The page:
Finally, medicines antiparasitic agents and antifungals, both therapeutically and preventively, especially with antiparasitic agents, are all necessary to deal with ectoparasitism and mycosis, as is thorough hygiene in the animal’s environment.


    Blepharitis in dogs is a disorder with multiple causes and a variable clinical picture. Thus, there is no single treatment and a differential diagnosis must be performed to determine the original cause of the process.

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    1. Giménez S. Infecciones e inflamaciones parpebrales. Farmacia profesional. Vol 19(2): 56-61. Available at: https://www.elsevier.es/es-revista-farmacia-profesional-3-articulo-infecciones-e-inflamaciones-palpebrales-13072120
    2. Ríos AM et al. Staphylococcus multirresistentes a los antibióticos y su importancia en medicina veterianaria. Clínica Veterinaria de Pequeños Animales. Vol 35(3): 149-161. Available at: https://www.clinvetpeqanim.com/index.php?pag=articulo&art=3
    3. Alonso, P. A., Martínez, C. M., Montaña, J. R. G., Díez, Á. J. A., & López, J. R. (1992). Un caso de pénfigo vulgar canino. In Anales de la Facultad de Veterinaria de León (Vol. 38, No. 38, pg. 127-130). University of Oviedo.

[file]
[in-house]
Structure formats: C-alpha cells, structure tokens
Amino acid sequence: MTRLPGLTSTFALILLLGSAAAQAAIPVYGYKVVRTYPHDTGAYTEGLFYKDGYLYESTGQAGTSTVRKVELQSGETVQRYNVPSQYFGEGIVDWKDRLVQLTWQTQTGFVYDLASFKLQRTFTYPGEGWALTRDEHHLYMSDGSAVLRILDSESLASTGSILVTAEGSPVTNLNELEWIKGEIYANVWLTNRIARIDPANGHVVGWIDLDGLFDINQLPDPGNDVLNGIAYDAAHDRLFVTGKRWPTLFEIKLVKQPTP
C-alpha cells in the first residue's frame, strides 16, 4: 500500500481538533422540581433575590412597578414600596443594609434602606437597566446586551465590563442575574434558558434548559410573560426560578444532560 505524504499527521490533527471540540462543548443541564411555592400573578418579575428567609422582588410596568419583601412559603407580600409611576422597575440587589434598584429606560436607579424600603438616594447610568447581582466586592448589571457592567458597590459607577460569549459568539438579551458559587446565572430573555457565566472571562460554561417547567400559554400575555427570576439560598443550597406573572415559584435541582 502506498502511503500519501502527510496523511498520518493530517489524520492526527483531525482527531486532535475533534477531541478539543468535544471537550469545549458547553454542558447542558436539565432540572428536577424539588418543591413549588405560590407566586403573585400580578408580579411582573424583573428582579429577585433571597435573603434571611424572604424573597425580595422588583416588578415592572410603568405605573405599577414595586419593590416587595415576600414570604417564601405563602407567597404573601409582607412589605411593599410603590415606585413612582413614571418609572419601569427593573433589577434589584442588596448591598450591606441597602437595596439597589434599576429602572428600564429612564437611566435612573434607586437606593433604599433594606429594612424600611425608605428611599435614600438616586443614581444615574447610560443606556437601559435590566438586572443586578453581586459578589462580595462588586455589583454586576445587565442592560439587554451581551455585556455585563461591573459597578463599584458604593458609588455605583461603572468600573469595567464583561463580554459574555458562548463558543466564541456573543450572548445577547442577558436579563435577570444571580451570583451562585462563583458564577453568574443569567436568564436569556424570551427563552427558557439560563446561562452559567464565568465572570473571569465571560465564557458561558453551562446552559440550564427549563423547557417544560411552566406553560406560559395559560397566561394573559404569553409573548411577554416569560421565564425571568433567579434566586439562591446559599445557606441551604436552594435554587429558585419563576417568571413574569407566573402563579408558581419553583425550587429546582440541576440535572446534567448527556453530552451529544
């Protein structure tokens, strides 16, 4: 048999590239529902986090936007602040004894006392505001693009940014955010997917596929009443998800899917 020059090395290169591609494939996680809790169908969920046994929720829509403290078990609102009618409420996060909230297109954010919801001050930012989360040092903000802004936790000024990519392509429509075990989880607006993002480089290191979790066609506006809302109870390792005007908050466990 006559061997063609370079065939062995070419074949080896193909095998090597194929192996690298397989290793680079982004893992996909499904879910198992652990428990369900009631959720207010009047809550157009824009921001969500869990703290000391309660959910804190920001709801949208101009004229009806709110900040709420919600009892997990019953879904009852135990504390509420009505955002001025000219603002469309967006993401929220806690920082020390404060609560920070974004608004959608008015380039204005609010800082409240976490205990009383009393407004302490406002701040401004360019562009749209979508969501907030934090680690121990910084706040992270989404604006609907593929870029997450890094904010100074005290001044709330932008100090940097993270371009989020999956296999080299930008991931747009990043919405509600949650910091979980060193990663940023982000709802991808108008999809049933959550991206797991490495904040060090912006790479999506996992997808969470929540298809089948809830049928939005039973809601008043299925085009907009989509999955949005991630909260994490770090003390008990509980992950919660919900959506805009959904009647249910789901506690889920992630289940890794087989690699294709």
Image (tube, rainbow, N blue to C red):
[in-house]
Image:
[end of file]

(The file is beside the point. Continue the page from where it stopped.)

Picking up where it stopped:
4. Balazs, V. (2017). Caso clínico: Lupus eritematoso mucocutáneo en un perro. Revista Hospitales Veterinarios, 9(1), 6-11.
    5. Pulido-Villamarín, A. D. P., Castañeda-Salazar, R., Ibarra-Ávila, H., Gómez-Méndez, L. D., & Barbosa-Buitrago, A. M. (2016). Microscopia y principales características morfológicas de algunos ectoparásitos de interés veterinario. Revista de Investigaciones Veterinarias del Perú, 27(1), 91-113.
    6. Villagrasa, M. (2011). Manifestaciones oculares de la Leishmaniosis. Revista Veterinaria Argentina, 1-9.
    7. Martín, E. (2007). Atlas de oftalmología clínica del perro y del gato (No. V770 ESTa).
    8. Díaz S y Noli C. Dermatología. In: Agut A et al. Manual clínico de medicina interna en pequeños animales II. ed. 5M Publishing (2016). pg. 110-168.
    9. Esteban J. Los párpados. In: Guía rápida de oftalmológica canina y felina. ed. Servet (2009). pg. 7-84.
    Josep Campmany
    Associate No: COVB 1125

    Bachelor of Veterinary Medicine from the University of Zaragoza and Advanced Management Program. Marketing Management (ESADE, Barcelona)